Ashley Furnishings buys land close to Ikea in southwest Las Vegas

A furniture maker and retailer in Wisconsin has bought a plot of land alongside Ikea in the southwest Las Vegas Valley and bought much of the spread from another rival who wanted to build a big business there.

Ashley Furniture Industries acquired nearly 20.4 acres on Sunset Road east of the 215 Beltway for approximately $ 27.4 million. The sale was completed on December 29th.

The deal again raises the prospect of a newly built store selling couches, beds, and other home furnishings alongside the popular Swedish retail giant known for its meatballs and inexpensive self-assembly furniture.

Ashley, based in Arcadia, Wisconsin and run by the billionaire Wanek family, has 690 stores nationwide, including six in Nevada, according to its website.

A company representative did not respond to requests for comment on Tuesday.

Ashley bought the majority of the property – 14 acres – from Walker Furniture, property reports indicate. The local retailer acquired the property in 2017 and announced plans for 150,000 square feet for Walker and an additional 50,000 square feet of retail space. However, the projects were never built.

Larry Alterwitz, CEO of Walker, told the Review Journal on Tuesday that Ashley made a “really nice offer” and that he would be considering opening a business in the Southwest Valley at some point.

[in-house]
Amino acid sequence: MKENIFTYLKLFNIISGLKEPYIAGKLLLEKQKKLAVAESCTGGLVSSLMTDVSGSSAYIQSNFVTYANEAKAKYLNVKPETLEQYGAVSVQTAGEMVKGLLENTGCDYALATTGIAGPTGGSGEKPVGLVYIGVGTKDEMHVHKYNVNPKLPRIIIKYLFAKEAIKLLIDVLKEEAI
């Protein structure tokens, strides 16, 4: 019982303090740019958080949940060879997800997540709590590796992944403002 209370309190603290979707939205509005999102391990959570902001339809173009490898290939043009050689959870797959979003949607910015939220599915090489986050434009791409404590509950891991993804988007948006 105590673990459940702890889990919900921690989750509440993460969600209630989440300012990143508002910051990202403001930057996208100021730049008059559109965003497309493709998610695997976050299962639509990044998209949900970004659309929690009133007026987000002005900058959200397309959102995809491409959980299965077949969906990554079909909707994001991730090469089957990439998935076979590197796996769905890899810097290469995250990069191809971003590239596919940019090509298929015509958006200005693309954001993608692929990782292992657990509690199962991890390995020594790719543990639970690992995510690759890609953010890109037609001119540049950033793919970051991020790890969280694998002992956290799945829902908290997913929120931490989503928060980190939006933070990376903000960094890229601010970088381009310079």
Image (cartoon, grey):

He also said that Walker’s Henderson store, which opened in 2018 and covers more than 60,000 square feet, was a “huge hit” and “opened our eyes a little”.

“Those are the types of business that we need,” said Alterwitz.

Ashley bought the remainder of the southwest property from Michael Dean, founder of MJ Dean Construction.

Dean didn’t return a call for comment.

According to Alterwitz, furniture sales were strong during the coronavirus pandemic. The outbreak dealt a severe blow to the tourism-dependent economy in Las Vegas, causing huge job losses. However, the real estate market in the region has warmed with record prices and rising sales, largely due to cheap borrowing costs.

Alterwitz noted that some industries have suffered from the public health crisis, but others have performed well.

“We are blessed in that sense,” he said.

Contact Eli Segall at [email protected] or 702-383-0342. Follow @eli_segall on Twitter.

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